The streets of Hanoi rumbled into life in the morning like a great machine coughing into life, intoxicatingly fragrant with noodle soup, vibrating with motorbike engines, horns, shouting, conical straw hats, fruit and Buddhist shrines, pulsing and pumping like a heartbeat.
Yet unlike the pantomime of certain tourist-laden streets in Ho Chi Minh City, there was always a feeling here that it was business as usual. I met Jeff at the airport immigration counter (by sheer coincidence), as he collected his visa, pre-arranged online (as is required for entry to Vietnam).
We caught the bus into town, and a million motorbikes escorted us to the old town, a large sector of the city surrounding Hoan Kiem Lake. Spending time here can be as fast-paced or lazy as you want.
Bia Hoi, if you know where to look, is locally brewed beer sold for something like 3-5,000 dong (10-20 Australian cents). And it’s damn good, too. Take a kid’s chair, order a Bia Hoi, and sit and watch the street chaos.
Restaurants dishing out bowls of pho (Vietnamese noodle soup) spill out onto the sidewalks in a frenzy of tiny plastic kid’s chairs too. At night, the chairs remain, and youths crowd the sidewalks sipping mango smoothies and chewing sunflower seeds, their broken shells scattered across the pavement. Welcome to Vietnam.
A sudden downpour in a city so heavily laden with motorcycle traffic is quickly and easily remedied; the motorcycles pull over to the side of the road, and out come the raincoats, covering rider and handlebars both. And on they go, back to business.
Meanwhile, locals and tourists on foot scamper for shelter; this is a perfect opportunity to run inside a pho restaurant, and enjoy a hot meal while the streets are washed down.
Hanoi water puppets
Hoan Kiem Lake, (which translates quite awesomely into ‘Lake of the returned sword’), a massive expanse of glassy water, sits in the middle of the old town, drinking in the reflections from the drooping green trees on it’s banks.
In it’s centre sprouts Turtle Tower (a small pagoda), and at the north end is Jade Island, a temple/museum connected to the shore by a red wooden bridge. Jeff and I walked along the grassy banks, and a Vietnamese lady sold us a bag of assorted puffy sugary cake-bread things.
As we munched, we walked across to Jade Island. There was a model of a super-sized snapping turtle, one of the behemoths believed to have been caught from the lake. Rumours that giant turtles live in the lake still persist.
A warm night in Hanoi. Jeff turned to me and laughed. “I have no idea what’s going on”, he whispered. Neither did I. Some puppets were flailing about madly in the water in front of us, to the sound of beating drums and erratic, high-pitched Vietnamese narration.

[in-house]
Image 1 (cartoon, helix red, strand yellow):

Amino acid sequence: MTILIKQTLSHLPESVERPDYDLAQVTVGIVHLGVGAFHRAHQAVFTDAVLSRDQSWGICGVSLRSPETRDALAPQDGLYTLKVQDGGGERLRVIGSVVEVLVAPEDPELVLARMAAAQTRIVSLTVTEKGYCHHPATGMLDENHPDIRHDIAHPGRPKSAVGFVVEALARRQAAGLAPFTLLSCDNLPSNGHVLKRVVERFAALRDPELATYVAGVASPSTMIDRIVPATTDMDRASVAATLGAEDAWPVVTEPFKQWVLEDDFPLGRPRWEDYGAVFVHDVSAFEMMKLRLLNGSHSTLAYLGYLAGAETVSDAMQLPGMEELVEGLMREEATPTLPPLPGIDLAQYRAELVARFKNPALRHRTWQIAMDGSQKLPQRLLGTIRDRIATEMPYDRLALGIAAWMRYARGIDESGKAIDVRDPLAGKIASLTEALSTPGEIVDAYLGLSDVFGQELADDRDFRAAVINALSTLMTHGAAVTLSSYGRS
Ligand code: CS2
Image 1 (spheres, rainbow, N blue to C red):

But I was enjoying the show. By the recommendation of our guidebook, we were in Thang Long Water puppet theatre, watching traditional Vietnamese water puppets, controlled on long poles by puppeteers backstage.
From the small cinema-style seating, lacquered and painted wooden puppets skated and splashed around in a pool of water, puppet masters hidden behind the temple backdrop.
Ladies sang and strings were plucked, and the whole story of fish and dragons and farmers was utterly lost in translation. It only went for 45 minutes or so, and cost 60,000 Dong. Definitely worth checking out.
Hanoi has a few interesting museums. We popped into the Vietnamese history museum. I could see the fascination growing in Jeff, who just months later would enrol in an archaeology degree.
We didn’t see the tomb of Ho Chi Minh, (to see Ho Chi Minh’s ‘mummy’, as a Saigon tour guide described it weeks later, which made me regret passing it by!). Instead, we ambled through the grounds of the thousand-year-old Temple of Literature, serving as a temple of Confucius and ancient place of study, philosophy and learning.
The temple was well provided with gardens and massive stone tablets. I liked to imagine teachers and students sitting in the shade of the temple a thousand years ago, practising their mathematics.
Our train to Hue was leaving late on our final night in Hanoi, and the station was some distance away. We had heard a few stories of scammer taxi drivers, so Jeff and I strapped our oversized backpacks on and walked the distance.
The air was humid and we were soon drenched in sweat. A pair of kids stopped us to ask why our bags were so big. I wondered what I must have thought when I first saw a guy hauling a 70L bag. We told them that our home was inside.
Something special was happening tonight. Racing past us, swarming around Hoan Kiem Lake like a swarm of angry bees and pouring into every side street, were motorbikes.
A river of headlights, men and women, open faced helmets, and noise, oh, yes the noise. Roaring and revving and go go go! at green, then placid at red. Organised chaos in every way. Tonight was some sort of public holiday, and to celebrate, Hanoi was on the move.
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